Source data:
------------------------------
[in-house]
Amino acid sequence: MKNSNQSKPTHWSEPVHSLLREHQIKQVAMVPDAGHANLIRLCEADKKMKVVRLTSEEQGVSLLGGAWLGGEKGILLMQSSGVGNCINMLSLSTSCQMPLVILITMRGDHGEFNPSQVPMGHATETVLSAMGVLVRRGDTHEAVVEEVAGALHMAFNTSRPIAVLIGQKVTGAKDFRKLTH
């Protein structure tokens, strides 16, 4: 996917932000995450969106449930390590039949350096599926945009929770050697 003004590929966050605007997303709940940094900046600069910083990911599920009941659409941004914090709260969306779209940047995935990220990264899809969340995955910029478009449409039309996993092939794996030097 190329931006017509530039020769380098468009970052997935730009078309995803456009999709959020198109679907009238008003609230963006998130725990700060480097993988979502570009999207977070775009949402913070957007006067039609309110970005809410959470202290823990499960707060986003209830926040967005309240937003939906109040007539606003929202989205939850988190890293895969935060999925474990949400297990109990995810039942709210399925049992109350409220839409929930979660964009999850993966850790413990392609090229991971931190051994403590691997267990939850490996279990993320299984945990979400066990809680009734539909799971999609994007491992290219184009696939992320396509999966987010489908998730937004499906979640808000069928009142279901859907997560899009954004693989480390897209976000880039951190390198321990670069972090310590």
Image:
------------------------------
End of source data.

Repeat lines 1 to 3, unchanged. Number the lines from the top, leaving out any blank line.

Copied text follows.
[in-house]
Amino acid sequence: MKNSNQSKPTHWSEPVHSLLREHQIKQVAMVPDAGHANLIRLCEADKKMKVVRLTSEEQGVSLLGGAWLGGEKGILLMQSSGVGNCINMLSLSTSCQMPLVILITMRGDHGEFNPSQVPMGHATETVLSAMGVLVRRGDTHEAVVEEVAGALHMAFNTSRPIAVLIGQKVTGAKDFRKLTH
């Protein structure tokens, strides 16, 4: 996917932000995450969106449930390590039949350096599926945009929770050697 003004590929966050605007997303709940940094900046600069910083990911599920009941659409941004914090709260969306779209940047995935990220990264899809969340995955910029478009449409039309996993092939794996030097 190329931006017509530039020769380098468009970052997935730009078309995803456009999709959020198109679907009238008003609230963006998130725990700060480097993988979502570009999207977070775009949402913070957007006067039609309110970005809410959470202290823990499960707060986003209830926040967005309240937003939906109040007539606003929202989205939850988190890293895969935060999925474990949400297990109990995810039942709210399925049992109350409220839409929930979660964009999850993966850790413990392609090229991971931190051994403590691997267990939850490996279990993320299984945990979400066990809680009734539909799971999609994007491992290219184009696939992320396509999966987010489908998730937004499906979640808000069928009142279901859907997560899009954004693989480390897209976000880039951190390198321990670069972090310590």